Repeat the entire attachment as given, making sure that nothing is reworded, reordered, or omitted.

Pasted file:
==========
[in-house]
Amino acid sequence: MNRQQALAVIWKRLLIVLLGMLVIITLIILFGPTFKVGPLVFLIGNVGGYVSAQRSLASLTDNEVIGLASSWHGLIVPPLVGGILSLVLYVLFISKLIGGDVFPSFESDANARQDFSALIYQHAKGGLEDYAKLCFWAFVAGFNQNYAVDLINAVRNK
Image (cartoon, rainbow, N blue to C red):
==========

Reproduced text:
[in-house]
Amino acid sequence: MNRQQALAVIWKRLLIVLLGMLVIITLIILFGPTFKVGPLVFLIGNVGGYVSAQRSLASLTDNEVIGLASSWHGLIVPPLVGGILSLVLYVLFISKLIGGDVFPSFESDANARQDFSALIYQHAKGGLEDYAKLCFWAFVAGFNQNYAVDLINAVRNK
Image (cartoon, rainbow, N blue to C red):